Back

Vascular Dementia

(Binswanger’s Disease; Senile Dementia; Binswanger’s Type; Vascular Cognitive Impairment; Arteriosclerotic Dementia; Atherosclerotic Disease)

Definition

Vascular dementia is a type of dementia. It is caused by disease of the small blood vessels in the brain. Parts of the brain called white matter along with grey matter are injured by multiple small strokes.
Healthy and Injured Brain Blood Vessels
Blood Flow and Lack of Blood Flow to the Brain
Copyright © Nucleus Medical Media, Inc.

Causes

Vascular dementia occurs when cells below the surface of the brain's cortex die because they do not receive enough oxygen and nutrients. This process is due to hardening and narrowing of the blood vessels within the white matter of the brain. This affects the blood supply.

Risk Factors

Factors that may increase your chance of vascular dementia include:

Symptoms

In some people, symptoms appear suddenly with neurological changes like those caused by a stroke. Sometimes, the small strokes that lead to vascular dementia can happen without other symptoms. This makes the condition difficult to detect.
In some cases, symptoms may stabilize or even improve. However in most people, the disease continues to progress.
The main symptoms of vascular dementia include:
Other symptoms that may be present include:

Diagnosis

The symptoms of vascular dementia can resemble other causes of dementia, such as Alzheimer's.
Your doctor will ask about your symptoms and medical history. A physical exam will be done.
Pictures may be taken of your brain and bodily structures. This can be done with:
Your heart and brain activity may be evaluated. This can be done with:
Your bodily fluids may be tested. This can be done with blood tests.

Treatment

There is no known cure for vascular dementia. Reducing risk factors and symptoms are important in trying to slow disease progression and improve quality of life.
Medications can be given to help limit or control symptoms and possibly slow progression of the disease. These include:

Prevention

There are no definitive guidelines to prevent vascular dementia. However, the following may help reduce your risk:

RESOURCES

Alzheimer’s Association http://www.alz.org

National Institute of Neurological Disorders and Stroke http://www.ninds.nih.gov

CANADIAN RESOURCES

Alzheimer Society of Canada http://www.alzheimer.ca

Heart & Stroke Foundation http://www.heartandstroke.com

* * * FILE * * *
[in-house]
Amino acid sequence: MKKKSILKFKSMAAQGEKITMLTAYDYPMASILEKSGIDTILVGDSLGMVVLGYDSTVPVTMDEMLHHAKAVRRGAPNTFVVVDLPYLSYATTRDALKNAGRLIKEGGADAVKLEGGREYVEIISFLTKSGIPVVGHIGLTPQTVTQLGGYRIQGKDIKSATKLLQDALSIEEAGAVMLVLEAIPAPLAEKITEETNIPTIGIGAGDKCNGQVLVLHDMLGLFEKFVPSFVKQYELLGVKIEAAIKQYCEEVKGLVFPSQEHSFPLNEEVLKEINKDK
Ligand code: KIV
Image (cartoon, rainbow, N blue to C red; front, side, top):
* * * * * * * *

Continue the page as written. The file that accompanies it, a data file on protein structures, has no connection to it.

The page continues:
References

Caplan LR. Binswanger’s disease—revisited. Neurology. 1995;45(4):626-633.

Kirschner H. Vascular dementia: a review of recent evidence for prevention and treatment. Curr Neurol Neurosci Rep. 2009;9(6):437-442.

Roman GC. Brain hypoperfusion: a critical factor in vascular dementia. Neurol Res. 2004;26(5):454-458.

Roman GC, Erkinjuntti T, Wallin A, Pantoni L, Chui HC. Subcortical ischaemic vascular dementia. Lancet Neurol. 2002;1(7):426-436.

Smith EE. Leukoariosis and stroke. Stroke. 2010;41(10 Suppl):S139-S143.

Tomassoni D, Lanari A, Silvestrelli G, Traini E, Amenta F. Nimodipine and its use in cerebrovascular disease: evidence from recent preclinical and controlled clinical studies. Clin Exp Hypertens. 2008;30(8):744-766.

Vascular cognitive impairment. EBSCO DynaMed website. Available at: http://www.ebscohost.com/dynamed. Updated July 8, 2013. Accessed July 29, 2013.

Vascular dementia. Alzheimer's Association website. Available at: http://www.alz.org/dementia/vascular-dementia-symptoms.asp. Accessed July 29, 2013.

Vascular dementia: A resource list. National Institute on Aging website. Available at: https://www.nia.nih.gov/alzheimers/vascular-dementia-resource-list. Accessed July 29, 2013.

9/3/2014 DynaMed's Systematic Literature Surveillance. Available at: http://www.ebscohost.com/dynamed: Wippold FJ, Brown DC, Broderick DF, et al. American College of Radiology (ACR) Appropriateness Criteria for dementia and movement disorders. Available at: http://www.acr.org/~/media/ACR/Documents/AppCriteria/Diagnostic/DementiaAndMovementDisorders.pdf. Updated 2014. Accessed September 3, 2014.

Revision Information